Vaping takes a hit: Judge rules in favor of FDA in historic Nicopure lawsuit
Just two short days after the FDA deeming regulations were first announced in May of 2016, e-liquid manufacturer Nicopure Labs immediately filed a lawsuit in federal court. Vaping advocacy groups around the world have been watching the case travel through the judicial process, eagerly awaiting the outcome. Last Friday, Judge Amy Berman Jackson published her ruling.
According to the resulting 93-page decision, the FDA deeming regulations which now categorize e-cigarettes as ‘tobacco products’ still stand, even though Nicopure Labs is essentially arguing that e-cigs are 100% tobacco-free (nicotine is NOT tobacco, after all). But the Judge did not stop there. Berman Jackson struck down each of the numerous allegations put forth by the plaintiffs in the historic lawsuit, including but not limited to the following points of contention.
- Does the FDA have the legal authority to backdate the regulations over ten years to a predicate date of February 2007?
- Does the inclusion of a predicate date violate the Regulatory Flexibility Act?
- Do the FDA deeming regulations violate any areas of the First Amendment to the U.S. Constituion?
- Does the FDA have the legal authority to require vaping and e-juice manufacturers to adhere to a Pre-Market Tobacco Application (PMTA) that may cost in upwards of $1 million dollars per product and with no guarantee of approval?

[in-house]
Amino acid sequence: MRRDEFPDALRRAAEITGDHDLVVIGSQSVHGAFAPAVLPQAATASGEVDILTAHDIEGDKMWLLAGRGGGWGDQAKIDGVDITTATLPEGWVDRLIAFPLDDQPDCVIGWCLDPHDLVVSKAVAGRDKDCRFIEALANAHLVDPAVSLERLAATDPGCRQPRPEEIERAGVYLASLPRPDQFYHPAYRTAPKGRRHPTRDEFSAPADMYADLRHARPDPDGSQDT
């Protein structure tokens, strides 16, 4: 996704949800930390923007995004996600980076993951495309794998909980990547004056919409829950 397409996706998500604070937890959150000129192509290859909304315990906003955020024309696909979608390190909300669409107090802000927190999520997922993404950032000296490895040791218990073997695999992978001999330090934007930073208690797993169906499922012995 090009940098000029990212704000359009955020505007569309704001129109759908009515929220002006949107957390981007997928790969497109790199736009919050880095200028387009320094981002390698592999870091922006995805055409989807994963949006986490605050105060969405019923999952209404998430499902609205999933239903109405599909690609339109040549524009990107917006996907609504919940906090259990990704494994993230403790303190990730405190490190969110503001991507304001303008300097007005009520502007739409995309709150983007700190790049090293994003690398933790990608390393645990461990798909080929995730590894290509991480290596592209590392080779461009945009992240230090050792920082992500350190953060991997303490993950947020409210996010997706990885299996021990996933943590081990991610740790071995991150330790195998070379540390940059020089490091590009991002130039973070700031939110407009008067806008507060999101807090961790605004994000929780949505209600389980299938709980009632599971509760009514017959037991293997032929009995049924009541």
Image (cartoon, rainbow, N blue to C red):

- Does the FDA have the legal authority to prohibit vape shops from giving away free samples of e-liquids?
- Does the FDA have the legal authority to tax an entire industry so aggressively that it threatens its very existence?
- Was a cost-benefit analysis conducted prior to the rollout of the FDA deeming regulations?
- Was due process provided regarding the creation and implementation of the FDA deeming regulations?
Nicopure Labs was not the only vape-friendly organization to file a lawsuit, but it was the first. Shortly thereafter, numerous additional cases were also filed in the U.S. judicial system. In July of 2016, Judge Berman Jackson decided to consolidate the Nicopures lawsuit with several others to save time and – presumably – money.
At that time, the Nicopure case was combined with lawsuits filed by eleven other plaintiffs, including those by such prestigious advocacy groups as NotBlowingSmoke.org, the Smoke-Free Alternatives Trade Association (SFATA), and the Consumer Advocates for Smoke-free Alternatives Association (CASAA), just to name a few. Unfortunately, the July 21 ruling applies to all.
Even though the judge’s decision can be perceived as a crushing blow to the American vaping industry, it does not come as a complete surprise. Like Mr. Didak, many legal experts have long suspected that the case would ultimately be won in the U.S. Court of Appeals. So, while the ruling is disappointing, all hope is not lost. The battle will continue…